Birmingham Stabbings: Police Afraid To Admit Suspect Was Islamist Despite Clear Evidence He Was
British police have still not learned the lessons of Rotherham’s Muslim rape gangs.
British police have still not learned the lessons of Rotherham’s Muslim rape gangs as they quickly ruled out terrorism for Sunday morning's atrocities saying there was “no suggestion” that it was a hate crime before they’d even identified a suspect. They said the stabbings appeared to be random, with no obvious links between the victims.
On Sunday night, police released footage of the suspect, whom the public had been warned not to approach, pacing the street shortly before 2am. Dressed in black jeans, with a black hoodie and black cap, he had already stabbed most of his victims at this point, killing a 23-year-old man. He is clearly of North African or Middle Eastern Origin, however, the police chose to ignore this vital fact, presumably for cultural cohesion purposes. Detectives quickly ruled out terrorism, saying there was “no suggestion” that it was a hate crime or that gangs were involved. They said the stabbings appeared to be random, with no obvious links between the victims. However, when have multiple 'random stabbings', of unknown victims, ever happened that weren’t terrorist related? Perhaps if the Detectives on the case had applied a simple scientific technique, that of Occam’s Razor, valuable time would not have been wasted apprehending the suspect.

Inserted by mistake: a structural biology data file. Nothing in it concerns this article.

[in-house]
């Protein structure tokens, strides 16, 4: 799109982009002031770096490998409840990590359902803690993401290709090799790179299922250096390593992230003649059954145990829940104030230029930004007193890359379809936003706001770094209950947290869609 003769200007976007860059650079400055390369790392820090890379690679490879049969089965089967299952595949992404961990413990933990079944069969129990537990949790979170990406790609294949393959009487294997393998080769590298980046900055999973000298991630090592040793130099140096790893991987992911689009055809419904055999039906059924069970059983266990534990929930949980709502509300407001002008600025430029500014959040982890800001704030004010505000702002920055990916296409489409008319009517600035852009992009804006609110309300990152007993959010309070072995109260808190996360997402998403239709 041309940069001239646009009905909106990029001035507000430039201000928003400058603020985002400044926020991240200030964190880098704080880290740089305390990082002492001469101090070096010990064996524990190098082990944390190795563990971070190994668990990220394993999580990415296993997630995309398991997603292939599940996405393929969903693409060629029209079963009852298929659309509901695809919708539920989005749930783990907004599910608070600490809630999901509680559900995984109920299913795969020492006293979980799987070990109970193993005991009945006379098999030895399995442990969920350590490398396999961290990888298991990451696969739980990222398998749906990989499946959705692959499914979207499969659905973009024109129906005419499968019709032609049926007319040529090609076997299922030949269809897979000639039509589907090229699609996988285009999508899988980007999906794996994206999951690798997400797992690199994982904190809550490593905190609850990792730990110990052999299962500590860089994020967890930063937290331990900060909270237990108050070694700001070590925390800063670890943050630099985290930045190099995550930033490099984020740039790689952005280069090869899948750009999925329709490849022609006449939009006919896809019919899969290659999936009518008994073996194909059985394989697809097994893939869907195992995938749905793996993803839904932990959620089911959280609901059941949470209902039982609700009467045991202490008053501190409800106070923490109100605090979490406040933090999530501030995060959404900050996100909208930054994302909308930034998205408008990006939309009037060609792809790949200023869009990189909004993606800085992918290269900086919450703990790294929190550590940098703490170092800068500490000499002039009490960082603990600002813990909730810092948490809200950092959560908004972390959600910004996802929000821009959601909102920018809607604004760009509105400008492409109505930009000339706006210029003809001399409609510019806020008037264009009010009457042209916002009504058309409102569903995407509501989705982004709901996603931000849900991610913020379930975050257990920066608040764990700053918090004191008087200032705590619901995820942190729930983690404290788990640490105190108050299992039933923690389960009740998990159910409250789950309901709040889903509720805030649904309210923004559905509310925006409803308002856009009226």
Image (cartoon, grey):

A 32-year-old woman was stabbed in the throat in what some commentators have described as an attempted decapitation as she was pinned against a wall, and a 19-year-old man suffered critical injuries moments after. Five others, aged between 23 and 33, received relatively minor injuries, West Midlands Police said. As officers responded to the city centre on Sunday, four crime scenes were held throughout the day as forensic experts combed each area. Police continued to treat the attack as a violent crime and not a terrorist incident which would have also hampered a proper response. At least one of the stabbings was perpetrated in the heart of Birmingham’s gay quarter, actually on top of a huge LGBTQ Rainbow flag painted on the road, yet police STILL would not designate this a terrorist incident or hate crime, quickly ‘ruling out’ the possibility.
A manhunt went underway for someone who was then described as a 'young', 'black' “Somalian” which the police had earlier neglected to describe as such, suspected of the stabbings. Chief Supt Steve Graham described the events as “tragic, shocking and understandably frightening” and not a probably terrorist incident despite a mass of evidence to the contrary. The Police went on to say: “Please be assured that we are doing absolutely everything we can to find whoever was responsible and try to understand what exactly happened,” he said. “We do not underestimate the impact that these incidents have had on the city of Birmingham. “We declared this a major incident at the earliest opportunity. We have worked throughout the day to trawl CCTV footage and speak to witnesses to ensure we release the best possible video and image of the man we want to speak to.”